‘China time’ is fastChina will become the center of the world. And when the capital of the world shifts from New York to Beijing, the world order will be changed in the 21st century and Asia will return to its old tributary system with smaller states becoming subservient to the reigning power, so boldly declared British journalist and scholar Martin Jacques in the 2010 book “When China Rules the World: The Rise of the Middle Kingdom and the End of the Western World.”
Western society generally believes the world, or the current international order, won’t change so completely regardless of the tremendous pace of China’s rise and its economic development. China, having tasted enormous benefits from opening up to the world and modernization, will follow the common trajectory of global powers, or the so-called Western model of economic and political progress, it believes.
Jacques disagrees totally. China remains defiant and challenges the traditional Western model, having no need for such luxuries as democracy, transparency and accountability. Instead, with its self-developed model of modernity and progress, he claims China will defy Western rule and take over as the world’s dominant power, bringing about sweeping changes in its geopolitical landscape. Once China ascends to sole superpower status, it will - as other powers have done before it - want to control and influence the world through its historical and cultural perspective - its inherent superiority, which means the superiority of the Chinese race.
As China’s assertiveness mounts under fifth-generation leader Xi Jinping, I can’t help but wonder if Jacques could be right in his prophecy. Coincidentally, Fudan University, an elite school in Shanghai, opened a research institute last month with an interesting name: “The Research Center for Chinese Development Model.”
The name of the think tank is, undeniably, eye-catching. It is the first research institute committed to the so-called Chinese model of development. In China, where everything is still heavily controlled, names and titles cannot be chosen freely. The Communist state is especially particular about the use of the word “renmin,” or people. The Renmin Ribao, or People’s Daily, and Renmin Publishing House, earned their names through special authorization by the Communist Party. Common people are not at liberty to attach that word to their enterprises. The term “people” is not for common use by the people. Heaven forbid.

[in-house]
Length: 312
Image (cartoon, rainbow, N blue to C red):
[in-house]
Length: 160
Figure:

The think tank’s moniker suggests a nod from the Chinese authorities. The center is headed by Zhang Weiwei, director of the Institute of China Studies at the Shanghai Academy of Social Sciences, who was once an English interpreter for Deng Xiaoping in the 1980s and authored “The China Wave: Rise of a Civilizational State,” which swept up various prizes in China in 2011. Xi presented the book to Robert Zoellick, then-World Bank president, who visited Beijing that year.
What’s important is the goal of the research center. At its opening ceremony, Party Secretary Zhu Zhiwen of Fundan University asked the research arm to develop academic studies on the Chinese development experience in a language that anyone in the world could understand. What he meant was to package the unique Chinese development model and pitch it abroad. The world’s second-largest economy, which has caught up so quickly to America, has become confident enough to share and preach its success story to the world. The university already persuaded Oxford University to hold an international seminar on the Chinese model and is preparing publishing and scholarly exchanges this year.
Chun Sung-heung, a professor of Chinese politics at Sogang University, says that certain conditions must be met in order for the Chinese model to gain universal recognition. The success model - in particular, fast growth - must first be sustained.
Second, the model should have a unique character. Joshua Cooper Ramo, who coined the term “Beijing consensus” as an alternative economic development model to the Washington consensus symbolized by the IMF, World Bank and U.S. Treasury, explained Beijing’s unique development model of blending opposite factors through the Chinese character “dan,” a compound of fire and water. China simultaneously pursues the incompatible concepts of authoritarianism and capitalism, characteristics of the Communist and democratic worlds.
The third question is whether the model is applicable to other states. Proponents claim it is most suitable for developing states in Africa and Latin America with authoritarian legacies. Critics, however, warn of anomalies and limitations of the Chinese model. Zhang Weiying, a prominent economics professor at Peking University, disagrees with Zhang Weiwei and warns of disillusion with the Chinese model. China is a latecomer whose development pace was inevitably fast since it followed a path already paved by others. Modern innovations and inventions like the Internet could not have come about under its system of rigid control.
So far, the Chinese are enthralled with the other Zhang’s version of Chinese supremacy, and his research center will likely work rigorously to come up with great packaging under the patronage of the Chinese government.
What should concern us is the impact of changes in China’s status. Will the feudal tributary system really be revived? In today’s world, China won’t demand grain and gold, but it will want respect in different forms. China calls the other nations “neighboring or peripheral countries.” It puts the United States on the same footing. With its Middle Kingdom psyche, China categories nations as being central, peripheral, big and small.
Jacques wrote, “Because China is growing so quickly, China time is fast.” We, too, must hurry in preparing for a new geopolitical environment. History advises us not to waste our time in ideological wars.
*The author is a JoongAng Ilbo specialist on China.
by You Sang-chul